Friday, 6 November 2009

Print Won't Die, But It Will Shrink Dramatically

In a post I put up Wednesday I was horrified to see a legacy media guy promoting the idea of increasing the number of ads on Internet TV sites like Hulu to make them more 'financially viable'.  Of course that would be the answer to migrating the broadcast 'push marketing' model to the Internet, but as most insightful people in our business realize, to do so would be both unscrupulous and unsuccessful since today's empowered consumers, through their behaviour online and through zapping, are demonstrating that frequency is dead and that they will no longer tolerate 'push' tactics.

Today has a 3 min clip up of Martin Sorrell of WPP in which he points out that many newspapers and magazines, in light of the proliferation of identical content online, have to die off (consolidate) if the remaining few are ever to become profitable again (too much supply, too little demand both from readers and advertisers today).  We've already seen this happening online since the dawn of the technology.  Thousands of sites have failed without much uproar, the distinct difference being start-ups vanishing versus revered, established firms doing the same (e.g. Gourmet).

He presages what is coming, saying the lines between advertising and editorial will continue to blur as 'pull marketing' starts to change the way marketing works, strategically (no, it's not yet clear what this is going to mean -- see my post re: "An Experience Designer's Perspective" from yesterday for a clue).  What is most significant about what he's saying is that, like the demise of an entire swath of executive's jobs disappearing in the music industry, with an unlimited (as far as we can tell at the moment) amount of new channels or emerging media becoming available to consumers, many of the old channels HAVE TO die off -- the laws of supply and demand haven't mysteriously stopped applying.  Print will never die, but it will shrink significantly.

This means, of course, that many, many execs in the "legacy" broadcast TV business will be forced to learn a new business.  Not simply a new business model, but a brand new slant on their familiar business.  (See my post re: Hulu for one non-broadcast exec who is trying to reinvent TV.)  Of course the same thing has been the case for the ex-music guys and is also proving to be the case for dinosaur agency folks.

But what this says for the future of the marketing industry is that the 'ice age' I'm always talking about is going to lead to changes far more dramatic, sudden and violent than even the effects of the current economic downturn.  I dislike being glum, but think about it...
  • We have literally thousands of new websites, and mobile sites, popping up every day with new content.  
  • We have smartphones moving everyone, literally globally, into mobile Internet access in the coming months, not years.  
  • We have instantaneous translation into every language in the world about to become reality (so it won't matter where the content originated).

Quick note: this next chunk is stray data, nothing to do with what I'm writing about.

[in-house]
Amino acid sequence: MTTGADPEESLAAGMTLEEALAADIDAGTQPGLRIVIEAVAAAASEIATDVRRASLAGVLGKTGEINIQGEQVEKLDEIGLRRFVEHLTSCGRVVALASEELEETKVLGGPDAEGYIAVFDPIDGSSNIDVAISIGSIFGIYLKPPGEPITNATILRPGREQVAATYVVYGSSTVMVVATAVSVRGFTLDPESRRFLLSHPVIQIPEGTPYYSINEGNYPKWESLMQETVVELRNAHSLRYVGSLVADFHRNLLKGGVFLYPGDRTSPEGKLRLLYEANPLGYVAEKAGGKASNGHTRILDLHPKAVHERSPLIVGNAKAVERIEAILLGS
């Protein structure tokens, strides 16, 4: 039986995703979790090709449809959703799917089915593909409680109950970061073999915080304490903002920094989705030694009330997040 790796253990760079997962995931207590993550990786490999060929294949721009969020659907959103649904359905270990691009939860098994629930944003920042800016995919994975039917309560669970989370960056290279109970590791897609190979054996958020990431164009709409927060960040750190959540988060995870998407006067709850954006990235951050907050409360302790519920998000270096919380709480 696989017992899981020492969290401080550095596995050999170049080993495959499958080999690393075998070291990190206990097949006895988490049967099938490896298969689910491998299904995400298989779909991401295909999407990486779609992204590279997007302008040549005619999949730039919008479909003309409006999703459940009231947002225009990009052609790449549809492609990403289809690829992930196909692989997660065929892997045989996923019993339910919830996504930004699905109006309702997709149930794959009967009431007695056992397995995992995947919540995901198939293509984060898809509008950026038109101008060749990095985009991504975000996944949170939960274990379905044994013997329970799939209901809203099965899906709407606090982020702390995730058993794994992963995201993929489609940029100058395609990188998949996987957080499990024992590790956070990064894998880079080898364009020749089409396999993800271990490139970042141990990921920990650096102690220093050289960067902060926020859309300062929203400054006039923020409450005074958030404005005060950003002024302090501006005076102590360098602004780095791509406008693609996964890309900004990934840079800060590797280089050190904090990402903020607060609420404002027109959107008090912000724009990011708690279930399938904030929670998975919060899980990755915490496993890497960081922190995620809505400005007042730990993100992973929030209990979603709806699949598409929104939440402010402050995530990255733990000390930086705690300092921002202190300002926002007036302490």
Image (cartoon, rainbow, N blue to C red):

• Wireless Internet 'tablets', the Kindle and other 'digital readers/book devices' are going to become ubiquitous and will make reading online content even more user-friendly.  
  • We'll soon be using our mobile devices to instantly purchase things we see in ads (invest in global overnight courier firms).  
  • Due to all of the above, fully addressable advertising (never having to watch ads that are irrelevant to you ever again, and not having to watch any ad more than a few times) is almost here.
  • We have major marketers shifting the way that they advertise, flocking into the content generation business.  
Who is going to watch/read/pay for legacy media?  Old people?  Late adopters?  Sure, the majority still will use legacy media in sufficient numbers to keep each medium viable for some time, but as the wave of change surges forward in the coming months (not years), what businesses are inevitably going to go bankrupt overnight as their formerly loyal users simply disperse?

It is a bit overwhelming, but those who embrace change in a bear hug are going to survive while those clinging to the sinking ship aren't.  We've already figured out Marketing 2.0, "the Social Media Revolution" -- it's all about 'pull' and interaction, listening to and engaging consumers in our branding efforts and providing REAL value in all our marketing efforts.

What's next for marketing?  Marketing's future...
  • Will involve semantic searching (artificial intelligence).
  • Deeper and longer lasting 'brand experiences'. 
  • It will mean a much more tightly connected relationship between the sales force and marketing department.
  • The future will see marketers incentivizing agencies with fees and commissions for their creative IP. 
  • It will mean a shift in agency mentality from "we design/create new campaigns" to "we develop new brand business models".
  • Plus a lot of other new stuff we can't predict just yet.  
(Book my seminar for your team -- I help marketers embrace what's coming next and lead from the front!)

Watch Martin Sorrell's clip here:

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